Supplemental Materials: Duration of poverty and subsequent cognitive function and decline among older adults in China, 2005-2018
Yu, Xuexin; Zhang, Wei; Kobayashi, Lindsay (2021), Supplemental Materials: Duration of poverty and subsequent cognitive function and decline among older adults in China, 2005-2018, Dryad, Dataset, https://doi.org/10.5061/dryad.vhhmgqnsk
To investigate the relationship between late-life duration of poverty exposure and cognitive function and decline among older adults in China.
Data were from 3,209 participants aged ≥64 in the Chinese Longitudinal Healthy Longevity Survey (CLHLS). Duration of poverty, defined according to urban and rural regional standards from the China Statistical Yearbook, was assessed from 2005-2011 (never in poverty; 1/3 of the period in poverty; ≥2/3 of the period in poverty). Cognitive function was measured by the Chinese Mini Mental State Exam (CMMSE) from 2011 to 2018. We used attrition-weighted, multivariable mixed-effects Tobit regression to examine the association of duration of poverty with cognitive performance and rate of decline.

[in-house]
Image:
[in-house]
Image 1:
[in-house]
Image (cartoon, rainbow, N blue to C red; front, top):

A total of 1,162 individuals (36.21%) were never in poverty over the period from 2005 to 2011, 1,172 (36.52%) were in poverty 1/3 of the period, and 875 (27.27%) were in poverty ≥2/3 of the period. A longer poverty duration was associated with lower subsequent CMMSE scores with a dose-response relationship (1/3 vs. never in poverty: β = -0.98; 95% CI: -1.61 to -0.35; ≥2/3 vs. never in poverty: β = -1.55; 95% CI: -2.29 to -0.81). However, a longer duration of poverty was associated with a slower rate of CMMSE score decline over time.
These findings provide valuable evidence on the role of cumulative late-life poverty in relation to cognitive health among older adults in a rapidly urbanizing and aging middle-income country. Our findings may support a compensation hypothesis for cognitive reserve in this setting.